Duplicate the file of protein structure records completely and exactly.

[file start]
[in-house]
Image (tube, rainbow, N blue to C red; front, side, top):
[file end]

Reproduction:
[in-house]
Image (tube, rainbow, N blue to C red; front, side, top):